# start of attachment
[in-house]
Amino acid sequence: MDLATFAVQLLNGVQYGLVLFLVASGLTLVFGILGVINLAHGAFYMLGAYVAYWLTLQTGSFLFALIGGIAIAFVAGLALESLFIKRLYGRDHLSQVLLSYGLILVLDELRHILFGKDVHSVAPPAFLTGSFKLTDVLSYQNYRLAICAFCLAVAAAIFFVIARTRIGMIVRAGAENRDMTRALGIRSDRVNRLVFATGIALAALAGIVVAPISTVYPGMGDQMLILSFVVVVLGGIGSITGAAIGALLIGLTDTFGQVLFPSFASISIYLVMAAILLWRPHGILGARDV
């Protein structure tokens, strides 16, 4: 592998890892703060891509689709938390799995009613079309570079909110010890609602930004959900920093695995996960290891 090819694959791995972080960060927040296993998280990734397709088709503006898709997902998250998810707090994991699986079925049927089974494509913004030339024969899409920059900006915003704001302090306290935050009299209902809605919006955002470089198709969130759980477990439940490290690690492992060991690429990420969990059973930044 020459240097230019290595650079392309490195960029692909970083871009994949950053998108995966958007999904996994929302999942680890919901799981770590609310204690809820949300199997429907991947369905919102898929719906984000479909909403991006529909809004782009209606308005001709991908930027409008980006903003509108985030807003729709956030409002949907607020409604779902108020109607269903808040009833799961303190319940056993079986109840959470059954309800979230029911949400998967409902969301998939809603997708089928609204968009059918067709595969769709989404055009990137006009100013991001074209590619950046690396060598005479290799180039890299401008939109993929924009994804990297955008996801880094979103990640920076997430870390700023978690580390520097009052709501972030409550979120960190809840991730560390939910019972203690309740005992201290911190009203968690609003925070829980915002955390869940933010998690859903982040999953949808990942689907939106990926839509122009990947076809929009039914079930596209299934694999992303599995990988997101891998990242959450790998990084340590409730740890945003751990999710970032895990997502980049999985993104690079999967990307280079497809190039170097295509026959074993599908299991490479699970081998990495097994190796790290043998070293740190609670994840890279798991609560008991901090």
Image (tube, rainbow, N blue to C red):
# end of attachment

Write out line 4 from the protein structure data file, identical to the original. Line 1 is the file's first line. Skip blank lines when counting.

Image (tube, rainbow, N blue to C red):